“But they would not take ‘No’ for an answer and continued to urge me to go, until finally I asked Mrs. Eddy what had better be done. She replied, ‘Write them you will go for one week,’ which I did and also that I would give them a talk on the Science the first and second evenings after my arrival if they would engage a hall for that purpose and be willing to do something for themselves in subscribing for The Christian Science Journal for one year. . . .
“I found these people very ready to do what was asked of them, and the hall was well filled the two evenings I spoke to them. A large number of subscriptions were given for the new Christian Science periodical, each one subscribing. When through, people crowded about making appointments for the next day until every minute of the day was spoken for. When the time came, they were there promptly, beginning early in the morning and continuing through the day until late at night, with a room filled with people waiting perhaps two or three hours before they could be seen.
“I was staying at the home of one who had been my patient and was healed and whose case it was that led the physician above mentioned to think favorably of this method of treatment. She made herself very useful in receiving those who came, and her time was fully taken in this way. I was seeing and treating seventy patients a day, my work taking me far into the night, and although I could give each one but a few minutes of my time, most of them were healed quickly. I had much sympathy for the large number who came from the surrounding towns begging that I take their cases, whom I had not the time to even see.
“I then sent a telegram to Boston for help, but could find no one to come. I took little time to eat or sleep. My one desire was to do the best and all I could for those dear people during my short stay with them, and God wonderfully blessed my efforts” (Reminiscences of Julia Bartlett, pp. 39–41, The Mary Baker Eddy Library).
What a powerful example of the early Christian church! But a few years after this Eddy was to write, “The Church is the body of Christ: as mortals outgrow the material organizations of their bodies, so the Church militant must rise above material environments to the Church triumphant” (L09635, Mary Baker Eddy to The Mother Church, December 2, 1889, The Mary Baker Eddy Collection).
She saw the organization of the 1879 church as “material,” as needing to be outgrown. It hadn’t lasted for the early Christians, and Eddy saw that this church structure couldn’t last after her death.
We observe from our research that Mary Baker Eddy was preaching regularly in Boston from 1878 through most of the 1880s. Sometimes guest preachers were brought in to substitute—people she had approved. Eddy was by now something of a minor celebrity so it was natural that larger halls were rented when she spoke. So, she was healing, preaching on Sundays, lecturing at other times, teaching in her College, publishing and distributing her books, setting up the Journal of Christian Science, writing to her students across the country, making decisions for her own church—a veritable human dynamo.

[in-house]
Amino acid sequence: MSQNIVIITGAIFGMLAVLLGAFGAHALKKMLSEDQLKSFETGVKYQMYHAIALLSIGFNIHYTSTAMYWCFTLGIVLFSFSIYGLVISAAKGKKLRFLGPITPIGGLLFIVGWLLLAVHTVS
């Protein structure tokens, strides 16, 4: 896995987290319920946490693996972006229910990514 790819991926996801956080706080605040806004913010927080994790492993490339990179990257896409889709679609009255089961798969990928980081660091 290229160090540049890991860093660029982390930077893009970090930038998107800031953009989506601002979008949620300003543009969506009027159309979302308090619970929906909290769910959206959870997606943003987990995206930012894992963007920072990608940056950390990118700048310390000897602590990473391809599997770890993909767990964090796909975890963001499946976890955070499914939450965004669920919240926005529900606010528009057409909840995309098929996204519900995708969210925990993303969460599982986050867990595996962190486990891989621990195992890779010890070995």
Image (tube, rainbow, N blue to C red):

You begin to see how everything progressive in the movement at that time revolved around Mary Baker Eddy and her mentoring of her loyal students. This type of organization would never stand the test of time. Eddy could see early on that a growing church would spread her too thin as Leader and after her death it would fade away without a strong successor. Remember she was already at the age when most women of the time were in the last years of their lives. She had no strategic plan, but her desire was her prayer and as she listened she decided to put all her efforts into clarifying her written message by revising Science and Health extensively and publishing a new edition, which was to be the 50th. When it was published she told students that the book was “the Teacher and healer” (L05681, Mary Baker Eddy to Mary V. Blain, May 18, 1891, The Mary Baker Eddy Collection).
As we know, as part of her decision to revise Science and Health, she closed the Metaphysical College; she also dissolved her church although she encouraged her students to continue holding services. It appeared a sudden move, but she had been gradually withdrawing from an active role in the church organization except for the revising of her book and then, as the ideas presented themselves to her thought, she reestablished a church organization on something more solid, a more spiritually based and more universal expression of organization that was to last for eternity. So the human personality and personal leadership of Mary Baker Eddy began to recede, but was revealing as this church’s core the same mission of healing. She wrote to First Church of Christ, Scientist, Denver, in 1892, “I, as a corporeal person, am not in your midst: I, as a dictator, arbiter, or ruler, am not present; but I, as a mother whose heart pulsates with every throb of theirs for the welfare of her children, am present, and rejoice with them that rejoice” (Miscellaneous Writings 1883–1896, p. 152). There is much evidence in the archives of her love for those that continued the healing work across the country.